Decalcification, also known as demineralization, is the loss of calcium and phosphate from the bones or teeth. It is the first stage, but a reversible stage, of dental cavities. Every time we eat acidic foods or drink acidic beverages, our mouths become acidic. It is the acid that pulls the minerals, calcium and phosphate, from the tooth structure. This causes hard enamel to be softened and weakened. The good news is that our own saliva is our body’s defense mechanism against the decalcification of our teeth. It washes the acids and food debris from our teeth and restores a neutral PH environment in our mouth. Saliva also replenishes calcium and phosphate to our teeth, a process called remineralization.
White spot lesions, or decalcified lesions, are caused from prolonged contact with acidic bacterial plaque (biofilm). The growth of this plaque is a continuous process. Plaque should be removed from all dental surfaces at least every twelve hours, and brushing and flossing are good ways to do this. When the acidic biofilm is not removed, it depletes the tooth surface of calcium and phosphate. Saliva is unable to neutralize the biofilm and the bacterial plaque is left to grow and evolve. Dry mouth can also dramatically increase the rate of decalcification, even with adequate plaque removal. Without the right amount of saliva, a dry mouth remains acidic for long periods of time. Therefore, the teeth are not replenished with calcium and phosphate, and white spots occur.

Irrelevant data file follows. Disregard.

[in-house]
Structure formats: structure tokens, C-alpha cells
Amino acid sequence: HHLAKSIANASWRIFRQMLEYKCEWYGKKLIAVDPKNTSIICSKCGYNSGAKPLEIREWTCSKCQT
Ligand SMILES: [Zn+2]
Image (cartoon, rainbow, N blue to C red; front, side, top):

You can reverse this process with exciting new dental products and home care. We will discuss steps to help reverse white decalcified lesions in our blog and on our Facebook page next week.